My cousin Z described this period as being the ‘storm before the calm’, and today that storm toppled me ungraciously from my boat.
The house is being stripped, as of course it needs to be, back to its bare bones and meanwhile there is little part of it remaining comfortable or welcoming. The new extension area which yesterday we thought we were reclaiming as our own has now had a tangled mess of tools and rubbish dumped in it making it feel, once again, like a foreign, estranged space. The walls throughout the house are a tattered mess, having been subjected for so long to the abrasive combination of steam and scraper. Every floor is dusty and dirty and most, including the staircase, are studded with nails, splinters and carpet gripstrips. The bathroom is degenerating rapidly into a hostile environment with the sink now out of action and a February draft from the old waste pipe hole billowing around your bottom as you sit on the pink ceramic throne. Thick layers of dust cover every lotion and potion, curbing any enthusiasm on my part to embark on grooming of any sort. The builders may now be accustomed to seeing me with no make up and unwashed hair, but depressingly this is regularly how I am presenting myself to the rest of the world.
In short (or long… as I’ve moaned like this before and no doubt will do so again) our entire house has been turned over to the tradesmen whilst we squeeze our lives into the little gaps remaining. Today, not yesterday and maybe not tomorrow but today I couldn’t cope with it all. Not even word from the worktop guy saying he would accept our offer could lift my spirits and, tears falling inexplicably from my eyes, I took the decision to mentally shut down shop. Passing the baton to S to finalise arrangements for both the worktop and carpenter, I left the builders to run, busy as ants, all over the house doing whatever they needed to do in order to move us from this chaotic and disruptive place to normality.
It may have been a wobbly day for me but for the builders it was business as usual and they cracked on oblivious to my emotional state. Our labourer set himself up on the landing, a scaffold of ladders arranged so he could reach the high bit above the stairs ( I’m trying not to think about how we will later paint it). Downstairs the boarding had been taken off the hole in the back of the house so work could continue on the patio area and the plasterer momentarily packed away his stilts and turned his attention instead to screeding the floor in what used to be the side return.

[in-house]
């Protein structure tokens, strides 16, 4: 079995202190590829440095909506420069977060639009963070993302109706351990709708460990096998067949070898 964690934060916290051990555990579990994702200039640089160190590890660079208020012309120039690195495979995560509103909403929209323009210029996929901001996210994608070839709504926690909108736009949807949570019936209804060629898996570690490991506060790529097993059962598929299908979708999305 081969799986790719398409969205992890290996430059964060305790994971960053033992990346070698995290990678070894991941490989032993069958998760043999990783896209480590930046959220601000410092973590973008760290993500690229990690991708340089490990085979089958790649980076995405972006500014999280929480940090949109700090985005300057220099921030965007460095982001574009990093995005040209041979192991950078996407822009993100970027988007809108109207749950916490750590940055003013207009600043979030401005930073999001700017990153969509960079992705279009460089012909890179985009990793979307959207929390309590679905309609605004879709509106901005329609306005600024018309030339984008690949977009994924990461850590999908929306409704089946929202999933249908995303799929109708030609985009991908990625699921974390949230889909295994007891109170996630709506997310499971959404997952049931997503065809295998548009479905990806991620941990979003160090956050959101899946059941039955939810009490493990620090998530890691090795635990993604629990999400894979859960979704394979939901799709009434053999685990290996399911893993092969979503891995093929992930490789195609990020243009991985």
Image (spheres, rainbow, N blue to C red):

O, thankfully, was also seemingly unaware of my fragility. Resilient as babies are, I’m saddened to think he has had fragile moments of his own whilst day by day, week by week the safe haven of what he knew to be home has disintegrated around him. This has manifested itself in tears for the last six weeks whenever he has been dropped off at nursery ….but today was different. Trotting straight past his favourite teacher from the baby room without a backward glance, he pressed his face up to the door of his new room filled with toys, toast and his little friends. Door opened, he headed unblinkingly past both the toast and teachers and mounted the slide. With a goodbye kiss I left, dreaming of the day we can throw open our new doors and let him and his friends run out to the garden in a similar manner. . . onto a slide or trampoline, to his little planting patch, to make mud pies or to cause screams from the kitchen, as we did as kids, as we were caught red handed tearing the petals off my mums precious flowers to make rancid smelling ‘perfume’.
Later, after a restorative moan with a friend, I headed home with a tired O and a kindhearted Z to finally wash my hair in preparation for a much needed night out. We had tickets to see 8 out of 10 Cats being filmed and I was looking forward to it for a number of reasons. The first being that I am constantly intrigued by behind the scenes stuff and was itching to see the whole thing, outtakes and all. The second being that our weekly sofa date is the only way I can keep up with current affairs ….being too absorbed in the intricacies of my own dusty world to take note of the world at large and the third and most important reason…to spend the evening with my Valentine. Racing against the clock to get cousin Z and O settled in for their night together, we arrived too late and were restricted entry. An evening out together, as every parent knows, is never to be wasted so we took advantage of our babysitting token by ending the day with a meal, glass of wine and an uplifting talk before heading back home.
We’ve weathered worse storms than this and, buoyed by our evening out, I climbed back, hand in hand with S, aboard the boat.